A Yale Law Professor’s Stand Against Meritocracy

By Kayleigh Voss | September 23 2019 | Humanities & Social Sciences

Credit: Monica Jorge for the New York Times

In his new book The Meritocracy Trap, Yale Law School professor Daniel Markovits presents a revolutionary new argument attacking the false promise of our so-called meritocracy. Americans still hold tight to the meritocratic ideal: that social and economic rewards should follow achievement; that social mobility should be possible, if hard-earned. But today, meritocracy has become exactly what it was conceived to resist: a mechanism for the concentration and dynastic transmission of wealth and privilege across generations.

Markovits argues that upward mobility has become a fantasy, and the embattled middle classes are now more likely to sink into the working poor than to rise into the professional elite. At the same time, meritocracy ensnares even those who manage to claw their way to the top, requiring the rich to work with increasingly crushing intensity.

“The Meritocracy Trap is full of striking statistics illustrating just how dramatically the meritocratic elite is pulling ahead of the middle class by just about every measure, while the middle class sinks closer to the poor.”

Jennifer Schuessler, the New York Times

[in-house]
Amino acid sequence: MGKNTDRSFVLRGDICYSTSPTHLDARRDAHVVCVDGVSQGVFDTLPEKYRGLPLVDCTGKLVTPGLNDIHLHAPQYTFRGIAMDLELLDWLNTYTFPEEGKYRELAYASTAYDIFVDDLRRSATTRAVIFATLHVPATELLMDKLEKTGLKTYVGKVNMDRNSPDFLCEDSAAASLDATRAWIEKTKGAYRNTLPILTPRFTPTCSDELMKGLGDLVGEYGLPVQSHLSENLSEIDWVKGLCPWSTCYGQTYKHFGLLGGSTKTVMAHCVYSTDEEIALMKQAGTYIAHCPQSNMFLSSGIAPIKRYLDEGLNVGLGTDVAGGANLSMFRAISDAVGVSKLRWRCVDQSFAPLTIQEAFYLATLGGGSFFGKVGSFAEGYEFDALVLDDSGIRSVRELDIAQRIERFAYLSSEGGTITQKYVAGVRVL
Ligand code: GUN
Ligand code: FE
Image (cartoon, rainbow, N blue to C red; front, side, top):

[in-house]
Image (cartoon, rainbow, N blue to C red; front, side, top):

Fellow Yale professor and author Timothy Snyder likens The Meritocracy Trap to Karl Marx’s Kapital: “He’s trying to get political economy and morality lined up with each other in a way that’s surprising and true and useful. But unlike Kapital, he actually finished it.”

And even more unlike Kapital, Markovits makes an argument that does not center capitalism. As Jennifer Schuessler wrote in The New York Times: “Many on the left see the success of the rich is due mainly to fraud or manipulation. But the real problem, Mr. Markovits argues, is that elites have set their children up to out-achieve everyone else, then justify their rewards as stemming solely from ‘merit.'”

While this trap has ensnared us all—Markovits included—he still believes it’s possible to right the ship and ensure hard work is rewarded, never exploited. When The Meritocracy Trap reveals the inner workings of the meritocratic machine, it also illuminates the first steps outward, towards a new world that might once again afford dignity and prosperity to the American people.


Read an excerpt in The Washington Post

Watch Professor Markovits discuss The Meritocracy Trap on CNN